One challenge with knowledge management that many organizations face is the challenge between balancing information security and knowledge sharing. But it doesn’t have to be the case.
In the corporate sector, we often see companies take a “lock it down” approach, making it tough for staff to share data, information, and knowledge with each other — even if it is critical for their day-to-day work. Collaboration can be a challenge, and staff begin to find creative workarounds to accomplish their tasks. The result is that digital assets begin to leak out into unauthorized platforms, and the security team is constantly fighting battles against unauthorized software and third party cloud services that are being used by employees and partners to circumvent the information security policies.
Within non-profit organizations, we frequently see the opposite side of the spectrum. C-level execs don’t always see the value of security for their organizations (“it’s just not a priority”), and attitudes towards security are lax, ostensibly in favor of sharing. But even then, it quickly becomes impossible for staff to find organizational materials as content is stored in a variety of cloud platforms, few, if any, are institutionally-managed. In these instances, common pain points from staff include “we can’t find anything,” “you have to know who to ask,” and “we waste a lot of time hunting for information.”
Information Security isn’t only about locking stuff down — it is about putting appropriate measures in place to protect digital assets. A good information security program should be designed around the three core principles of confidentiality, integrity, and availability — all of which align with knowledge management.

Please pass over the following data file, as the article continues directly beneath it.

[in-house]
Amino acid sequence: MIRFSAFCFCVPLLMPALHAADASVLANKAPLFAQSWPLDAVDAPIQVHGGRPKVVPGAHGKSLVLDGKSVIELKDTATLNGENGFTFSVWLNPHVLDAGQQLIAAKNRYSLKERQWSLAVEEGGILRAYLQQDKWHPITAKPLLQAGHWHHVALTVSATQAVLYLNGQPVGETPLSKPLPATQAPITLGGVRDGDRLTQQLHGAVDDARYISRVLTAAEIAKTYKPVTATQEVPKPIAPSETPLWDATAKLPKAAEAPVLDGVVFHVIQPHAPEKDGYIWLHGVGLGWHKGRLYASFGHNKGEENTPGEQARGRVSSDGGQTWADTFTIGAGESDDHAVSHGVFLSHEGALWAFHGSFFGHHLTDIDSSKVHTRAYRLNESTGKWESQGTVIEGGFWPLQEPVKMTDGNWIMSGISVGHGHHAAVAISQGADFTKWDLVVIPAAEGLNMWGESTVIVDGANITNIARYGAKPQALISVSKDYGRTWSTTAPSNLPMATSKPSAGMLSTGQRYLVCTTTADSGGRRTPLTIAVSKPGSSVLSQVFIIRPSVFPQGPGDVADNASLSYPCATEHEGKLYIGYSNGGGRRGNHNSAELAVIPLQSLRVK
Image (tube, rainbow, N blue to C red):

At FireOak, we strongly believe that sharing and security go hand-in-hand — it isn’t an “either/or” proposition. The goal of a good security program should be to protect the confidentiality, integrity, and availability of an organization’s data and systems, while doing so in a way that doesn’t impede an organization’s ability to fulfill its mission or meet the needs of stakeholders.
Through appropriate governance, policies, technical infrastructure, and processes, your organization can strike the right balance between the two, regardless of whether you’re working in a highly-confidential research & development environment or at an organization with a strong emphasis on publicly sharing research outputs. Design your security program — and implement information security tactics — based on your knowledge management goals, not the other way around. Doing so will make it possible to ensure that your organizational information and data is accessible, usable, findable, and discoverable — by the people who need it, when they need it, and how they need to access it.